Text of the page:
Hatem Ben Arfa would fit like a dream into the Swansea system, as for Newcastle he was a rare glimmer of hope in an otherwise unremarkable performance. On the ball he had moments of attacking intent, bursting past players and using his undoubted skill to create chances, but he was generally unassisted by his colleagues. Newcastle have done well to accommodate Ben Arfa’s unique abilities and generally poor defensive contribution, but they must be aware that he’s unable to win them games on his own. Saturday was an example of him doing all the right things, but the rest of the team unable to meet his standards.
The Final Word
Ultimately the image on the top left defines Newcastle’s afternoon. Despite having more of the ball, more passes, more chances and more shots, they quite deservedly lost. They were unable to turn their approach play into goals and their finishing left a lot to be desired. Perhaps this wasn’t helped by using Ba more as a workhorse than as a finisher, and on another day he would have eaten up chances from Ben Arfa or Cabaye or Cisse, but Saturday showed the relative lack of depth at Newcastle and how they can be reduced, fairly quickly, into an ordinary looking side.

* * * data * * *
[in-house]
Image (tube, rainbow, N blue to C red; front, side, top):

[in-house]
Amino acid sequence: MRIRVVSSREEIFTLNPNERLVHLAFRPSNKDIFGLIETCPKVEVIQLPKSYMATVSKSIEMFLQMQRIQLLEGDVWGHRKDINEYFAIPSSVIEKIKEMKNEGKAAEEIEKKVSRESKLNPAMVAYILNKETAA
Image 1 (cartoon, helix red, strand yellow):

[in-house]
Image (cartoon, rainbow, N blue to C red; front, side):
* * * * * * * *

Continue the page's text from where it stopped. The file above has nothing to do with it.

Credit, of course, has to go to Swansea and their admirable defending, summed up by Ashley Williams four blocks and his generally excellent reading of the game. While Williams struggles in the air and was second best in that department to Ba all afternoon, the rest of his game was fine and he, along with Monk, looked pretty comfortable.